Biscuits are one of the simplest quick breads you can make. A plain biscuit is nothing but flour, butter, milk, baking powder, and salt.
The perfect biscuits should be light and airy, fluffy and flaky, and have an outer crust with a satisfying bite. To achieve these aims, you'll need to use the right technique. Once you know how to do that, making biscuits will be both simple and easy.
To begin with, biscuits are made from flour. So the first thing you want to think about is what kind of flour to use. Cake flour will give you a lighter, fluffier biscuit, but the outer crust won't have as much bite to it. Conversely, all-purpose flour will provide more bite, but it'll be a drier, less airy biscuit.
The solution: Use half cake flour and half all-purpose flour. This combination will give you a biscuit with light and airy interior with a pleasant, satisfying bite on the outside.
Also, sifting the flour and other dry ingredients will give you a smoother, airier dough. You don't even need a flour sifter to do this. A wire mesh strainer will work just fine.
Once you add the liquid, whether it's milk, buttermilk or whatever, it's important to remember that the more you mix the dough, the more you exercise the gluten in the flour, which in turn makes the final product tougher. (This isn't just the case for biscuits, it's true for anything you bake with flour.) Therefore, you want to mix the dough just until the wet and dry ingredients are combined and no longer.
Rolling out the Biscuits
The same goes for kneading and rolling out the dough. The more you work it, the tougher it's going to get. Additionally, in order to roll out the dough out and not have it stick to your rolling pin and whatever surface you're rolling them on, you're going to have to dust everything with extra flour. This extra flour, in turn, dries out the dough and makes a tougher biscuit.
Moreover, if you roll out the dough and then use pastry cutters to cut out round biscuits, you're going to end up with extra scraps of dough. You don't want to throw these scraps away, so you simply reroll them and cut out more biscuits, and so on, until you've used it all. The only trouble is, the more times you reroll the dough, the tougher it's going to get. That very last biscuit you make is going to be very odd indeed.
Now, maybe you don't mind this, and if that's the case, you don't have a problem. But if you really want the lightest, flakiest biscuit possible, the best way to form the biscuits is by hand. Just gently shape them into little balls and transfer them to a baking sheet. They'll bake up into the tenderest, flakiest biscuits you ever had. And it's faster, too. No rolling, cutting, rerolling, and so on. You just roll the dough into balls until there's no more dough left, and then you bake them. That's all there is to it.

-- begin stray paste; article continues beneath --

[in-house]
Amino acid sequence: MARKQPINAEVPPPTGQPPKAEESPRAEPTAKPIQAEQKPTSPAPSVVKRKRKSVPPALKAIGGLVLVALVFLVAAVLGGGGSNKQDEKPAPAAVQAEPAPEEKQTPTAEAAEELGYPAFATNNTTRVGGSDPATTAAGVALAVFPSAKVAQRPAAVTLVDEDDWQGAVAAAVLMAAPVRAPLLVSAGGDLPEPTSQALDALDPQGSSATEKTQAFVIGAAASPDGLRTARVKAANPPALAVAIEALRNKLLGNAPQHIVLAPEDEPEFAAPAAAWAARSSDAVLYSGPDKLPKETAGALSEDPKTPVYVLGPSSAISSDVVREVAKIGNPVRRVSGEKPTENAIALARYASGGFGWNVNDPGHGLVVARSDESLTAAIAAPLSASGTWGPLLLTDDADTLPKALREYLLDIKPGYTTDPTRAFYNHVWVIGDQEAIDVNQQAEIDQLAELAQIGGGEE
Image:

Cutting In the Fat
Now let's talk about the fat. What makes a biscuit flaky is the fat, specifically, how the fat is incorporated into the flour. In terms of flakiness, the best fat for making biscuits is probably lard, and vegetable shortening is the next best. In terms of flavor, however, butter is undoubtedly the best, with lard a close second.
On the other hand, biscuits made with butter or lard won't keep as long as ones made with shortening — but this shouldn't really be an issue as the biscuits you make using this technique will be so delicious, they're going to get eaten really quickly. In any event, my first choice is butter.
To ensure maximum flakiness, you want to make sure you use cold butter. In fact, it's not a bad idea to chill everything—the flour, the butter, the milk, even the bowl you mix it all up in. Colder butter will produce globules of fat that stay separate from the flour, which is what makes a biscuit flaky. The bigger the globules, the flakier the biscuit.
So, what's the best way of incorporating the fat into the biscuit? The basic technique is something called cutting in the fat, in which a pair of knives or a special tool called a pastry blender is used to literally cut cubes of fat into the flour, forming a lumpy, mealy consistency. Some bakers do this by hand, by rubbing the lumps of fat into the flour.
The problem here is you have to be really fast. If you're not extremely skilled, your hands will end up just warming up the lumps of butter and your biscuits won't turn out right. A pastry blender works well, and so does a food processor. That's right: the easiest and quickest method of all is simply to put the flour in a food processor, add the butter and just give it eight or ten short pulses until the fat is incorporated.
As I mentioned at the start, the basic biscuit recipe is very simple indeed. But you can vary the recipe in any number of ways, and one of the classic variations on biscuits is to use buttermilk in place of regular milk.
Buttermilk will add a rich, tangy flavor to the biscuits, and the acid in the buttermilk will react with the baking powder, thereby giving the biscuits more rise. You can also make biscuits with plain yogurt instead of milk. Or add grated cheddar cheese or chopped herbs. Here's a simple biscuit recipe to get you started.